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Drug Testing Welfare recipients…Is it right?
social security benefitsThere are various arguments for and against the drug testing of welfare recipients. I will start by saying that I personally do not agree with this process. There are many reasons for this, but I will not pin this argument on my personal opinions alone. This piece will look at the arguments and the evidence of why such a measure would prove to be regressive rather than progressive. As a starting point beyond the social, ethical and humanitarian argument it has been argued by many that such a measure is a violation of an individual’s rights as set out in the 4th amendment under the Constitution.

That is alone is a strong argument and a reason that some courts in the United States have not enforced the above measure. I will argue two further cases why I believe this action will only cause greater problems for society and the tax payer. Firstly we need to be logical about this and understand that drug addiction is a disease, introducing this measure merely punishes an individual and subsequently their families for an illness they cannot control. The second reason is that this measure does not in any way take into account the factors that bring about drug use and drug addiction as well as the fact the forcing people into further poverty and marginalization can further exacerbate the problem.

Drug use and addiction is often related to lower socio-economic classes, those suffering from poverty and a range of other issues. Poverty serves to perpetuate a range of personal, familial and societal issues; mental illness, poor educational attainment, poor physical health and well-being, isolation and addiction.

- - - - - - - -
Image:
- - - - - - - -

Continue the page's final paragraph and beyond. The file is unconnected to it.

The reality of drug addiction is that often the individual will make the decision to choose the substance they are addicted to before they will use their means to purchase food, water or warm clothes. This is an unfortunate reality and one the more fortunate struggle to understand. It is because of this that some may consider a federal payment as a complete waste of taxpayers’ money; however the alternative is pushing an individual further into poverty, possibly making them homeless and increasing instances of crime such as theft in order to facilitate their addiction. The repercussions of this on society and the economy could be far more costly than the payments issued to support the poor.

Poverty and addiction cannot be addressed as isolated issues; they are in many ways closely linked and together maintain a destructive cycle. States making the decision to punish those who are abusing illicit drugs are only serving to trap individuals and families in a cycle of poverty. There are more progressive ways in which to deal with the problem and ways that will have a more long term positive influence using taxpayers’ money effectively and positively. State funds could be better spent on prevention programs for not just the poor but the entire population, stricter laws could be enforced and better enforcement policies introduced. In addition to this non-financial supports could be given greater priority, such as education and rehabilitative programs. This method would address the issue of drug use and abuse in a broader holistic way, instead of side stepping the issue and merely dealing with the problems on the surface and ignoring influencing factors.